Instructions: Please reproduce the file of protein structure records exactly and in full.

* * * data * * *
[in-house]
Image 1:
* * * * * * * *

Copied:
[in-house]
Image 1: